At commencement convocation Sunday, Robin Dubin stood at the podium on stage at the outset of the event and declared: “The 2018 commencement convocation ceremony of Case Western Reserve University is hereby convened.”
Dubin relished the moment, realizing it would be the last time she’d have the chance to say those words as the university marshal, a position she’s held since 2002. At the end of this academic year, she will retire from Case Western Reserve University, where she is a professor and chair of the Department of Economics at the Weatherhead School of Management.
The call to order at the start of the ceremony and leading the academic procession that precedes it are two of the biggest and most visible responsibilities of the university marshal.
“It’s just fun. I love graduations; everybody is happy. The students are happy because they’re graduating, the parents are happy because the student’s graduating,” Dubin said. “I love standing on stage. I have the best role, I think, in commencement because I have lines, but they’re very easy.”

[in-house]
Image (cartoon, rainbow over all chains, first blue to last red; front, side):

Though she’s been dedicated to the university marshal role for years, she admits it wasn’t something she actively set out to do. Previously, she had served as a faculty marshal and the lead faculty marshal. When the spot for university marshal opened up years ago, Dubin was next in line.
“It was kind of just happenstance,” she said. “It wasn’t anything I set out to be, but it was fun. I’m really glad that it happened that way.”
Much of Dubin’s career path follows that trend, often determining her next step along the way.
As she started her undergraduate education at Case Western Reserve, Dubin had no idea what she wanted to do. She took introductory courses in as many subjects as possible, eventually landing on urban and environmental studies.
To pursue the subject further, Dubin studied geography and environmental engineering in graduate school at Johns Hopkins University. But having never enjoyed the hard sciences much, she soon questioned her decision to study something rooted in engineering.